TigsTown Q&A: Lakeland third baseman Kody Kirkland

Kody Kirkland was taken in the 30th round of 2001 draft by Pittsburgh. He played with the GCL Pirates 2002, but was then traded to Detroit. He played last season in West Michigan. Now, he continues to work his way up the ladder with the L-Tigers. Lakeland Correspondent Aaron Westgate talked with Kirkland about his experiences so far as a professional baseball player.

TigsTown: You were drafted by the Pirates in 2001, then traded to Detroit. How was your first trade experience?

Kody Kirkland: I had mixed emotions when it happened. It was a weird situation. I was actually traded during spring training with the Pirates, but I didn't find out until three months later. I made the low-A team out of camp. They told me I had earned a starting job, but they had some older guys that they were going to send up first. That was pretty disappointing. I found out later it was because I had been traded. I had just finished a year with the Pirates, figuring out how things work, and then to find out you got traded. You find out one day and you're gone by 9am the next day. Hardest part was leaving all the guys.

TT: Can you compare playing for the two organizations?

KK: Each organization is a little bit different. Little things are different. Facilities, rules, certain philosophies; fielding, hitting. Obviously the game's always going to be the same, it's just little things. I think I would describe Detroit's organization as a little more laid back, but they're on you when it comes times to play.

TT: What was draft day like for you?

KK: It was an exciting day for me. It was graduation day for my high school, so I graduated and got drafted on the same day. Coming from a small town in Idaho, no one had ever been drafted out of that high school before. It was exciting. I went to a year of junior college. I did a draft and follow.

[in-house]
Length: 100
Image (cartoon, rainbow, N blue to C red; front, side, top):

TT: What had you heard from the scouts? Did you feel confident that you were going to be selected?

KK: I had talked to couple scouts on the phone. I had never seen a scout at any of my home games. Our town was so far away from the airport; they only came to see me play on the road. I got lucky because I got to play in a couple of big showcase tournaments and got seen that way. I had a couple people calling me, saying they were going to take me in this round or that round, but after the first day went by, I was a little disappointed that nothing happened. I really didn't know what to expect.

TT: How about the experience of moving down to Fla. from Idaho?

KK: It was hot. I had never been anywhere in the southeast before. I came down right in the middle of summer. It was miserable. That humidity out there in GCL league is rough on people. Once you've gone through it, you really feel bad for those players that have 1:00, 2:00 games down here in Florida. The heat really takes a big toll on you down here. You don't realize it until you are down here for a full season.

TT: Do you set goals for yourself, for your career?

KK: I try not to set numbers goals for myself. Obviously everyone wants to hit over .300, hit a lot of home runs. My biggest goal is to come out and play hard every day, play to win. I've come to realize that all you can control is how you prepare before games and how hard you play during games. Whatever happens after that is out of your control.

TT: What's your strongest skill as a ballplayer?

KK: All around knowledge of the game. I play hard and hustle, that's my biggest asset. Try and go all out all the time.

TT: Is 3B the position where you are most comfortable?

KK: I'm getting used to it, every year more and more. I grew up playing shortstop. It's a little different. Everything happens a lot faster. You have to be a little quicker with your reaction time.

TT: Anything specific you are working on in practice? Are you seeing improvement in your own game? Where?

KK: Little things; little things hitting, little things fielding. I'm probably my own worst enemy. I get in my head too much sometimes. I try and find a solution really quick instead of realizing that some things are going to happen once in a while. It's a long, grueling season and instead of just playing my game, sometimes I try and change things too much. That's one thing I'm trying to work on. Just trying to stay consistent, which is a mental thing.

TT: What's your mental process when you get up to the plate?

KK: Each at-bat just depends on the situation. Runners on? Where? How many outs? I'm definitely a free-swinger, so I'm looking for something hard early in the count. Pitchers want to get ahead early. A lot of times you can catch a fastball or a hanging curve.

TT: Is Lakeland going to win the FSL championship this year?

KK: We have a great shot. We've worked hard all year. We've tried to keep that winning mentality all year. I know we have a good shot to win it.

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